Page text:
Can you shed some light?
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Old 11-17-2012, 02:43 PM   #11
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No clue on that one other than the fact its cheaper than gasoline and readily available.
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Old 11-17-2012, 02:44 PM   #12
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Heptane is slightly less flammable than iso-octane but I doubt that plays a big role. It might just be one of those old standards that is still around because that is how it has always been done. It is also a tough decision to make if you are going to get into calibrating injectors as pump fuels have such a wide range of organics present. Most gas in the US has ethanol in it so do you test with that even though it slightly denser than iso-octane? When ID says they test with gasoline do they mean pump gas with ethanol, pure iso-octane or racegas? Pump gas is not even pure iso-octane it is a broad distribution of organic compounds depending on the reforming process and source of the precursor hydrocarbon.

Heptane is also a much longer molecule so its rheology will be different than iso-octane, and both will differ slightly than commercial pump gasoline. The substance known as gasoline can vary so much in composition it is almost worthless as a standard since each batch will vary slightly.

Last edited by lukeskywrx; 11-17-2012 at 02:51 PM.
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Old 11-17-2012, 03:56 PM   #13
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Quote:
Originally Posted by Flat 4 Motorsport View Post
Hmm, not understanding why the industry standard is heptane, when gasoline is what's being used primarily.


Can you shed some light?
Probably as luke said, it's a well defined chemical compound, but does it really matter? What matters is that if you're comparing, you compare the same injectors on the same fluid.

Here is a Bosch EV .pdf:
http://www.bosch.com.au/content/lang...linjectors.pdf

Quote:
Bosch fuel injectors have their flow rates defined in N-Heptane as part of their engineering specification. N-Heptane is a pure
chemical and does not have the same viscosity and density as standard petrol. Hence the N-Heptane flow rate figures stated
should be used as a general guide for comparison purposes only.
The use of the term "'pure chemical" implies that Luke is correct, consistency of the fluid is the primary factor, but they don't come out and say it.
The N-heptane flow numbers are closer to the ECU scalar than the gasoline flow numbers.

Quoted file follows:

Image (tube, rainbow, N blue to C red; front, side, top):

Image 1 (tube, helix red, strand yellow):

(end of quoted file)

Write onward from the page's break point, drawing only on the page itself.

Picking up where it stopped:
I suspect there isn't a HUGE range of flows across brands offering the EV14, but I bet the different injectior tip designs do result in some small and repeatable differences between brands.

In general the EV14 "1000-ish" cc injectors will flow less than the 1000-ish cc Denso designs, but there's a reason Deatchwerks started carrying an EV14 in the same flow range as their 1000cc Denso design... They had feedback from tuners that the EV14 is a substantially more consistent and better behaved injector at those flows.
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Old 11-17-2012, 05:57 PM   #14
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I guess this answers why when my tuner tried to tune for e85 with a 20g Xt we ran out of injectors first pull, even on pump I'm almost out of injector. My problem is I soent my hard earn money for 1000cc injectors not 850's. Live and learn,

Thanks to all of you who help explain that there is an issue with ID 1000 injectors not being that. I'm re-doing my fuel distrubution system with in the next couple of weeks with the help of Phil. Now with an aftermarket FPR I could turn up the pressure and get more flow but I think my best bet is to replace them with bigger injectors.
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Old 11-17-2012, 06:50 PM   #15
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With ID1000s and an Aeromotive 340 I ran out of E85 on a big FP Green at ~ 20 psi, swapping in 1400s I ran out of fuel again at the pump at ~24psi.

If I were to do it again I would use the new Walboro E85 pump and Five-O motorsports 1200 or 1400 CC injectors
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Old 11-17-2012, 07:14 PM   #16